The Financial Times
February 22, 2010
Otmar Issing, one of the fathers of the euro, correctly states the principle on which the single currency was founded. As he wrote in the FT last week, the euro was meant to be a monetary union but not a political one. Participating states established a common central bank but refused to surrender the right to tax their citizens to a common authority. This principle was enshrined in the Maastricht treaty and has since been rigorously interpreted by the German constitutional court. The euro was a unique and unusual construction whose viability is now being tested.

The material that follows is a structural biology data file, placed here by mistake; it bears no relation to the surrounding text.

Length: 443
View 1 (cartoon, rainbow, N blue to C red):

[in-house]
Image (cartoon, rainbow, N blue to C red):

The construction is patently flawed. A fully fledged currency requires both a central bank and a Treasury. The Treasury need not be used to tax citizens on an everyday basis but it needs to be available in times of crisis. When the financial system is in danger of collapsing, the central bank can provide liquidity, but only a Treasury can deal with problems of solvency. This is a well-known fact that should have been clear to everyone involved in the creation of the euro. Mr Issing admits that he was among those who believed that “starting monetary union without having established a political union was putting the cart before the horse”.